For Valentine’s Day, we asked three of our favorite local singer-songwriters—Sarah Shook, Phonte Coleman, and Mac McCaughan—to create themed mixtapes. Each tackled a distinct theme related to the most Hallmarked of all holidays.

Shook, a hard-living country badass, took on loneliness. Coleman, the Little Brother alumnus who now croons at the helm of The Foreign Exchange, accepted lust. And McCaughan, the perpetually energized co-founder of Superchunk and Merge Records, took on the topic of young, exuberant love. Listen to ’em as your mood sees fit.

Below, Mac McCaughan’s anthems of love:

Here’s my mixtape under the sub-header of “dumbstruck / teenage-like love.” It’s funny to think of Bruce “Man’s Job” Springsteen feeling like he has to pull out all the stops to convince a girl to go out with him, but that’s the comedic situation we find him in with “Rosalita.” He’s making up stuff about his record deal and excuses about his car troubles, and they’re young enough to worry about her parents. He wrote a much broader song once—”Hungry Heart”—for the Ramones, but the Ramones like to keep it simple. They do with “She’s The One.”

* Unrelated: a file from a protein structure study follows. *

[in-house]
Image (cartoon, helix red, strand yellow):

Several of these songs get to the point with simple, repetetive lyrics—”Get Over You,” “Maps,” “Temptation,” and the mantra of “Can’t Do Without You.” Really, when you’re trying to express something like love, maybe the writer realizes that if you try to get fancy, you’re likely to make a hash out of it. Others are no less ambivalent but written by those just waiting for the other party to come around, like “Did I Tell You” and “Time After Time.” The Madness and the Big Star songs are so affecting partially because the artists are otherwise coming at you from wacky or acerbic places but are here plaintive and straightforward. And the Arthur Russell song is one that could float along forever, and the listener wouldn’t mind … like love, I suppose. —Mac McCaughan

Bruce Springsteen, “Rosalita”

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